Insurance Fraud Investigators


Employment Prospects


Approximately 328,500 insurance investigators, claims adjusters, and examiners are employed in the United States. They work for insurance companies, investigation firms, and government insurance fraud agencies. Opportunities are available throughout the country, but are best in large cities.

Starting Out

Many people break into this career after first working in law enforcement, the fire service, or private investigation. For example, The Travelers Indemnity Company reports that 75 percent of its fraud investigative unit members have law enforcement training. Other investigators started out in entry-level positions (claims adjusters or examiners) in the insurance industry. Claims adjusters and examiners who show promise at identifying potential fraud might be asked to join an insurance company’s insurance fraud investigative unit.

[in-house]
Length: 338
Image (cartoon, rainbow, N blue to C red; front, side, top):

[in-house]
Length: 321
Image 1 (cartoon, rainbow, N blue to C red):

Some people break into the field after participating in an internship at an insurance company. Contact the special investigative units of major insurance companies to inquire about formal internship programs. Your college’s career service office may also be able to steer you toward internship opportunities at insurance companies.

The Association of Certified Fraud Examiners offers Community (, a members-only social network that provides industry information and networking opportunities.

Advancement Prospects

An experienced insurance fraud investigator can advance to work on more complex fraud examinations and/or supervise a team of fraud examiners. Some become managers of special investigation units at an insurance company or government fraud prevention bureau.

Tips for Entry

Read the Insurance Fraud Handbook,, to learn more about the types of fraud and the work of investigators.


Visit the following Web sites for job listings:



Read Fraud Magazine (, SIU Today (, and Claims Journal ( to learn more about the field.

Attend the International Association of Special Investigation Units’ Annual Seminar & Expo on Insurance Fraud to network and participate in continuing education classes.


Visit the Association of Certified Fraud Examiners’ Career Center: Just Starting Out Web page,, to learn more about breaking into the field.